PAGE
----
Sertorio, I wanted top post this link to illustrate the latest move in the Australia-China trade war: but there is a paragraph in it that rivited my attention be4cause of its wider, global implications (duplicated by me in colour):
That confirms a suspicion I have long harboured. That due to the fact that sea transport is cheaper the transcontinental road and rail projects that the PRC government is so enthusiastically building across Eurasia will never pay their own way and are destined to be a constant, unsustainable fiscal drain on the Chinese treasury.https://asiatimes.com/2021/04/thorny-au ... ve-branch/
Thorny Australia response to China’s olive branch?
But some China and trade experts think this threat is overblown. The grand BRI scheme is already running into objections: that it supports ill-planned prestige projects, that weak governments are being loaded with more expensive loans than they could get from international institutions, and that projects employ mostly Chinese workers.
At the latest Boao Forum, the Chinese counterpart to the annual Davos Forum of global business and political stars, the Maesk shipping giant’s Jens Eskelund pointed out that the Eurasian rail network was expanding its freight haul to 97 European cities by “huge and unsustainable” subsidies.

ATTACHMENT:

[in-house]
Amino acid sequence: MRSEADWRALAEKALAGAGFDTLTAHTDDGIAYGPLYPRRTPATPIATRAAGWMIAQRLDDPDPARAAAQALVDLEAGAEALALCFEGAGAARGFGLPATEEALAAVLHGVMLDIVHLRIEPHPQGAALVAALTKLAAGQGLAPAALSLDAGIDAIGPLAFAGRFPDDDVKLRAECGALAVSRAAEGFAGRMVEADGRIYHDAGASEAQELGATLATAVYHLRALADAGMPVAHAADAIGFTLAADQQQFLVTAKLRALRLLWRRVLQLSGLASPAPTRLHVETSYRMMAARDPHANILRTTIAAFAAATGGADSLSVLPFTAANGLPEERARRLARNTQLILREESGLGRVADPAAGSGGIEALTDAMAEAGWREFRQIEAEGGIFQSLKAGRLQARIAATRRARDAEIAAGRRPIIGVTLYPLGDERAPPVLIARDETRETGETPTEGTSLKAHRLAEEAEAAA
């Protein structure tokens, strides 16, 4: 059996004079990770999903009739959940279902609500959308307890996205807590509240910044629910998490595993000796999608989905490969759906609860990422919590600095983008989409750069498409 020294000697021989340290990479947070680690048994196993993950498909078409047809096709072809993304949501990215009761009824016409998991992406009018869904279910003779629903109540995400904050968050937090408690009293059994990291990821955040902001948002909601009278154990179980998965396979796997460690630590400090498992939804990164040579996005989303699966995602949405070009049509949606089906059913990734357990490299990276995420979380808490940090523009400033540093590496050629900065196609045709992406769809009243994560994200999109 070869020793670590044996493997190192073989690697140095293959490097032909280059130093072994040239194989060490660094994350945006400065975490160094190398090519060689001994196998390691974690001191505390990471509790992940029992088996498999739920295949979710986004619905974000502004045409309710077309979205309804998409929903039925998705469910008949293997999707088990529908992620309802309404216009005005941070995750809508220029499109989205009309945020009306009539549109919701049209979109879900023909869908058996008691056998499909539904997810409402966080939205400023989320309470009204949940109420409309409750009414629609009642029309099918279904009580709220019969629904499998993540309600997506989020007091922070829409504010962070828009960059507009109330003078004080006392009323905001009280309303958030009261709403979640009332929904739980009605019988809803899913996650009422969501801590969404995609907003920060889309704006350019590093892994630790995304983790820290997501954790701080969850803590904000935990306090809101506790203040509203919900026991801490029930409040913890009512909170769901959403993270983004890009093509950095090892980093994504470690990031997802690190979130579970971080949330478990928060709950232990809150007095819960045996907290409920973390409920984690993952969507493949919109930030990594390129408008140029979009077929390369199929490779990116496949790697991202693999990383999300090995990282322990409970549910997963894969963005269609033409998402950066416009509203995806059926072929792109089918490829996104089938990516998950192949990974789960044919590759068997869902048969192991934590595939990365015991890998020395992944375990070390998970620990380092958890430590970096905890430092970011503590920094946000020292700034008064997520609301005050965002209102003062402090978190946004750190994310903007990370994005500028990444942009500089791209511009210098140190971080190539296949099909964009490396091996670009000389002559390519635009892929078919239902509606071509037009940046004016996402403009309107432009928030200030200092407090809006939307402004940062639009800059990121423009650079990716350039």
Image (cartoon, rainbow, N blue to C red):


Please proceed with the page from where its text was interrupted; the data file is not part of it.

When a container ship recently blocked the Suez Canal, no one was talking about using this rail system as an alternative.
Belt and road is only a PRC white elephant prestige project.
p.s. Ellen: Israel be warned. Reconsider that silly proposed rail project between the Gulf of Aqaba and one of your Israeli Mediterranean ports as alternative to the Suez Canal. It sounds to me like a scaled down PRC trans-Eurasia rail project and as such likely to prove a loss making white elephant.
Maybe...neverfail wrote: ↑Mon Apr 26, 2021 1:26 amThat due to the fact that sea transport is cheaper the transcontinental road and rail projects that the PRC government is so enthusiastically building across Eurasia will never pay their own way and are destined to be a constant, unsustainable fiscal drain on the Chinese treasury.
Belt and road is only a PRC white elephant prestige project.
As usual, no definite answer is possible for this problem...Rail freight is much faster than the ocean freight. It is more expensive than sea freight but cheaper than air freight. Moving goods by train is perfect for high-value industrial products such as vehicles, electronics and computer equipment, as well as promotional equipment that must reach their final destination as quickly as possible.
Yes, rail freight transportation is cheaper than air but more expensive than water. But in places, where transportation through harbours is not possible, rail is a more efficient choice.
https://container-xchange.com/blog/rail ... -overview/
Australia’s puerile and provocative war-mongering towards China is raising the risk of all-out military conflict
https://www.rt.com/op-ed/522263-austral ... ing-china/
Instead of seeking to engage in a pragmatic dialogue with China – that recognises that nation’s legitimate strategic interests, and the fact that China is a major world power and Australia is not – Australian politicians and bureaucrats seem determined to indulge themselves in acts of retribution and puerile war mongering.